Multiple sclerosis (MS) is an inflammatory-demyelinating disease of the central nervous system that may entail severe levels of disability in the long term. However, independently of the level of disability, MS patients frequently experience severe fatigue that can be as disabling as objective neurological deficits. For that reason, it is mandatory to perform an early diagnosis of MS-related fatigue and start a suitable treatment as soon as possible. In clinical practice, MS-related fatigue should be assessed and managed by a multidisciplinary team involving neurologists, MS nurses, occupational therapists, and physiotherapists. When assessing a person with MS-related fatigue, the first step is to rule out potential triggers or causes of fatigue, which may be related to MS, such as urinary dysfunction, pain, or muscular spasms leading to a sleep disorder, or unrelated to it. Once these causes have been ruled out and appropriately tackled, a careful therapeutic intervention needs to be decided. Therapeutic interventions for MS-related fatigue can be pharmacological or non-pharmacological. Regarding the pharmacological treatments, although many drugs have been tested in clinical trials, only amantadine is currently recommended for this indication. Regarding the non-pharmacological approaches, they can be broadly divided into physical, psychological, and mixed physical/psychological interventions. Several studies, many of them randomised clinical trials, support the use of all these types of non-pharmacological interventions to treat MS-related fatigue. Recent publications suggest that the implementation of mixed approaches, which have a naturally comprehensive nature, may have excellent results in clinical practice, in relation not only to fatigue levels but also to more general aspects of MS.
Keywords: Cognitive behavioural therapy; Disability; EXIMS; Energy conservation education programmes; Exercise; FACETS; FSS; Fatigue; MFIS; Mindfulness intervention; Multidisciplinary approach; Multiple sclerosis; NICE guidelines; VAS.
The Pharmacological and Non-Pharmacological Interventions for the Management of Fatigue Related Multiple SclerosisP Miller et al. J Neurol Sci 381, 41-54. PMID 28991714. - ReviewFurther research into Pharmacological interventions for MSRF is required notably considering the potential of Modafinil. Yoga and energy conservation/fatigue management p …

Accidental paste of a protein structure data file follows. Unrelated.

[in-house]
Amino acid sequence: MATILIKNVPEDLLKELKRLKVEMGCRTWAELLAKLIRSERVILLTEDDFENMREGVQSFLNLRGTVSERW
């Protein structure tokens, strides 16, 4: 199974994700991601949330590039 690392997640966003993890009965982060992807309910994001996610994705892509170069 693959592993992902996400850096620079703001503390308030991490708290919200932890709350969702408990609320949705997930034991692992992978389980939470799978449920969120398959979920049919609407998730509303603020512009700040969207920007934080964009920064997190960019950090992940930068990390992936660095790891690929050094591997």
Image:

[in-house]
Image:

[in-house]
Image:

The Effectiveness of Aerobic Training, Cognitive Behavioural Therapy, and Energy Conservation Management in Treating MS-related Fatigue: The Design of the TREFAMS-ACE ProgrammeH Beckerman et al. Trials 14, 250. PMID 23938046. - Randomized Controlled TrialCurrent Controlled Trials ISRCTN69520623, ISRCTN58583714, and ISRCTN82353628.
Does the Modified Fatigue Impact Scale Offer a More Comprehensive Assessment of Fatigue in MS?N Téllez et al. Mult Scler 11 (2), 198-202. PMID 15794395.Fatigue is a frequent symptom found in MS patients and clearly related with depression. Each fatigue scale correlates with one another, indicating that they are measuring …
The Berlin Treatment Algorithm: Recommendations for Tailored Innovative Therapeutic Strategies for Multiple Sclerosis-Related FatigueC Veauthier et al. EPMA J 7 (1), 25. PMID 27904656. - ReviewMore than 80% of multiple sclerosis (MS) patients suffer from fatigue. Despite this, there are few therapeutic options and evidence-based pharmacological treatments are l …
Fatigue in Multiple Sclerosis: A Comparison of Different Rating Scales and Correlation to Clinical ParametersP Flachenecker et al. Mult Scler 8 (6), 523-6. PMID 12474995.The association of fatigue and depression suggests that there might be either common underlying mechanisms or interdependence by a cause-and-effect relationship that requ …
Cited by 11 PubMed Central articles
Recent Clinical Advances in Pharmacotherapy for Levodopa-Induced DyskinesiaT Müller et al. Drugs 79 (13), 1367-1374. PMID 31332769.Onset of involuntary movement patterns of the face, body and limbs are known as dyskinesia. They mostly appear in association with long-term levodopa (L-dopa) therapy in …
Occupational Therapy in Fatigue Management in Multiple Sclerosis: An Umbrella ReviewA Salomè et al. Mult Scler Int 2019, 2027947. PMID 31016045. - ReviewBackground. Fatigue is one of the most invalidant symptoms of Multiple Sclerosis (MS) that negatively affects occupational and work performance and social particip …
Coenzyme Q10 Supplementation Reduces Peripheral Oxidative Stress and Inflammation in interferon-β1a-treated Multiple SclerosisM Moccia et al. Ther Adv Neurol Disord 12, 1756286418819074. PMID 30815035.CoQ10 supplementation improved scavenging activity, reduced oxidative damage, and induced a shift towards a more anti-inflammatory milieu, in the peripheral blood of rela …
Pathophysiological and Cognitive Mechanisms of Fatigue in Multiple SclerosisZM Manjaly et al. J Neurol Neurosurg Psychiatry 90 (6), 642-651. PMID 30683707. - ReviewFatigue is one of the most common symptoms in multiple sclerosis (MS), with a major impact on patients' quality of life. Currently, treatment proceeds by trial and error …
Into the Moment: Does Mindfulness Affect Biological Pathways in Multiple Sclerosis?B Willekens et al. Front Behav Neurosci 12, 103. PMID 29872382.Mindfulness was introduced in the Western world by Jon Kabat-Zinn in 1979. He defined it as "awareness that arises through paying attention, on purpose, in the present mo …
References and Recommended Reading
Papers of particular interest, published recently, have been highlighted as: • Of importance •• Of major importance